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Columns

June 15, 2009

My Turn: Learning life lessons at Springbrook

This week's "My turn" column is by William Twasutyn, director of special programs at Springbrook.

As I drive to work each day, I think to myself that I have one of the most dynamic and interesting jobs around. What could be more interesting and exciting than participating in the ups and downs _ mostly ups, at Springbrook _ of a person's life? Multiply that by 550!

I have the good fortune of being the director of special programs at Springbrook, where we help support more than 550 unique individuals who range in age from 4 to 82 years. At Springbrook, we support individuals through their lifetime, including the last passage of life.

Springbrook, formerly known as the Upstate Baptist Home and later the Upstate Home for Children Inc., employs more than 800 staff who help the individuals we support to develop their potential and to live fulfilled lives. At Springbrook, we see the person as a unique individual first and their extra life challenges, diagnosed as a disability, second. We assist and support individuals who live with extra life challenges associated with their developmental disability or, as I see it, differently abled.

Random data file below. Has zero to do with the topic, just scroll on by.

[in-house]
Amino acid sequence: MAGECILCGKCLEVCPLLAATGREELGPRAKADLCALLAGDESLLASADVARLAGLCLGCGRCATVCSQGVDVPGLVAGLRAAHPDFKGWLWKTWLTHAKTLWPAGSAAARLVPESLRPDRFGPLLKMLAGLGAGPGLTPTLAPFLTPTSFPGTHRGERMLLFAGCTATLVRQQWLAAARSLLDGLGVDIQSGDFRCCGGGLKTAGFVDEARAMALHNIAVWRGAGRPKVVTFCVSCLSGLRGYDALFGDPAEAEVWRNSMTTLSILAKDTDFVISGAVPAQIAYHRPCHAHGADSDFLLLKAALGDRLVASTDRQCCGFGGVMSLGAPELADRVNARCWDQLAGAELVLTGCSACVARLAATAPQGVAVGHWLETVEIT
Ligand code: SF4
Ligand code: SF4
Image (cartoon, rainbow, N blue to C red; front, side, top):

The abilities, interests and needs of the people we support are very diverse. We support individuals who may have a diagnosis of autism, Alzheimer's disease, cerebral palsy, epilepsy, fetal alcohol syndrome, Prader-Willi syndrome and traumatic brain injury, to name a few.

At Springbrook, one quickly learns that we are all of equal value as human beings and citizens of the world. Any differences we may have as individuals only adds to the richness of our experiences within the Springbrook family. The more you work with people with any additional life challenges, the more clearly you see the individual as a person, just like yourself.

Over the years, I have always known that I get back so much more from the individuals we support than what I have given of myself. Early on, I came to realize that I was learning many life lessons, or lessons about humanity, in my work with our supported individuals.

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